In August 2022 – in a twist of fate - my temp agency sent me to Dogs Trust to be the Hope Project Temp Assistant. I had spent fifteen years working in theatre and the entertainment industry doing various jobs from bartending, ushering, to costume designing and dramaturgy. The pandemic put a sudden stop to my theatre life, and I tried to figure out a new direction. I didn’t want to go back to my old theatre life. The pandemic made it extraordinarily clear to me that one of the most important things you can do as a person is to be of help, to be active in your community and to try and change the little bit of world around you. I loved working on the Hope Project, particularly during the Christmas parcel service, and when a full-time position came up, I applied, interviewed, and was lucky enough to be offered the position of Hope Project Team Assistant.
I work in the London office a few times a week and I work from home the other days. I start the day by checking the Hope Project emails. Our emails build up quickly. We will have emails from new clients, current clients, microchip companies, vet practices, our Vet team, homelessness services, councils, etc. all emailing about anything from needing to receive veterinary care for their dog, invoice queries, to questions about homelessness, to potential clients telling us about themselves and their situations.
Carrie Walsh, Hope Project Team Assistant at her desk
We first check for any emergencies that might’ve been emailed in, but if there aren’t any, we delegate the emails to the rest of the Hope Team. We try to respond to queries as quickly as possible, but sometimes a backlog and complicated cases means it can take a few days. But we aim to be as quick as possible.
This morning my task is to begin to write the Hope Project monthly report, which is a report that goes out internally to staff within Dogs Trust to update other departments on the goings on of each team. First, I collate the data from the Hope Project from the prior month. I find out how many vet treatments we’ve funded, how many dogs we’ve treated, how many calls we’ve taken, how many people we’ve registered on the veterinary scheme. This summer, we’ve broken all previous records, with homelessness on the rise in the UK and expected to rise further, the numbers are staggering.
At the time of writing (August 2023) we’ve funded 1,140 vet treatments for 618 dogs in 2023 which is already exceeding the totals for the whole of 2022. This is a 71% increase in the number of dogs supported compared to the same period in 2022.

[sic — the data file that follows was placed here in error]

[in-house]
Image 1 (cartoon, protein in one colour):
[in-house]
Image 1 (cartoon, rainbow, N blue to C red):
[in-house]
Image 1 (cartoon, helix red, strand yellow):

Dan and his dog Frankie - some of the people and dogs we support on the Hope Project
I then collect news reports about homelessness in the media, read through them and make sure I’m familiar with stories about homelessness across the country. It’s important to remain abreast of positive news stories as well as the more emotional ones. It’s also critical to stay up to date with the latest housing legislation and political developments that affect our clients; such as the Renters Reform Bill in progress at the moment and the ongoing Cost of Living Crisis.
While doing this, I’m in constant communication with my team, whether that’s in-person in the office or via Teams. Today, one of my colleagues needs advice about the correct housing confirmation we ask our potential new clients to send in. We need a confirmation of every owner’s housing situation to ensure our clients are accessing the appropriate support for their housing in addition to their dogs’ vet care. Someone has sent in a text message from a landlord telling them that they’re going to be evicted. I tell my colleague that we need official documentation such as a Section 21 Notice. We’re always kept on our toes on the Hope Project.
Once I’ve finished my monthly report, I move onto sorting invoices with a much needed (huge) cup of (very strong) tea and some biscuits. I go over any invoice queries from vet practices, chase up remittance or missed payments (these things happen unfortunately) and process invoices for veterinary treatments in the invoice queue. Here, you really see just how many treatments we’re doing and the wide variety of treatments we can fund. I’ve learnt so much about vet care in the past year!